“It was great to go to all these places and discover how Grey wove them into the narrative,” Bohmler says. “When you look at the Arizona landscape from up high, you know how it sounds.” His musical influences included the composers Copland, Sondheim, Weill, and Carlisle Floyd, Bohmler’s mentor and the opera’s dedicatee.

“Carlisle was very pleased,” the composer recalls, “and it meant a great deal to me because as his student about the best it ever got was ‘Well, I think you’re onto somethin’.” Bohmler continues, “I played through the love duet and he slapped me on the back and said, ‘Good boy!’” He laughs happily. “That never has felt so good. I was like a kid again.”

Although Riders feels boundless and epic, thanks to the confluence of Mell’s broad, evocative brushstrokes and Bohmler’s open-handed musical style, the composer points out that the show is not a huge production.

“It’s actually a really small piece,” he explains. ”When the chorus comes on, it’s just 20 men twice. Other than that, there are only two or three people onstage at the same time.” Bohmler laughs at my surprise. “Think about it when you see it again.”

“The emotions are high and the landscape is massive,” he continues. “That’s why it seems so much bigger.”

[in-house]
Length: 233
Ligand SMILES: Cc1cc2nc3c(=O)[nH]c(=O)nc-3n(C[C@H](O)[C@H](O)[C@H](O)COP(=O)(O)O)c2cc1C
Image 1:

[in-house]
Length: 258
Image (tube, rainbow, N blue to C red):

“I wrote to each of the principal players in the orchestra before the first rehearsal,” the composer says. “I sent them all the score and said, ‘Is there anything you feel is awkward?’ Because I pride myself on my ability to write for instruments, but I said ‘It’s not just my show; you have to play this.’” Bohmler pauses. “And every change they asked for I gave them.” He shrugs. “Why would I not do that? Then they feel empowered; they’ve had a part of the creative process.”

“The orchestra is 55 pieces,” he elaborates. “You’ve got to have that big Western movie sound.” Bohmler chuckles. “Hopefully I tipped my hat without getting pedantic or overzealous.” He adds, “I know I’m a good orchestrator, but I had no idea the orchestra would sound so rich, and most importantly that I’d be able to make it sound big and still get out of the way of the singers.”

With Arizona Opera’s remount of Riders, Lamb looks forward to the opportunity to revisit earlier artistic decisions and change elements of the staging. “There was a lot of joy and playfulness in this production,” she says. “We’re improving on something that was wonderful.”

Arizona Opera performs Riders of the Purple Sage Feb. 28-Mar. 1 in Phoenix at Symphony Hall, and Mar. 7-8 at Tucson’s Music Hall. Find more information at


© Katrina Becker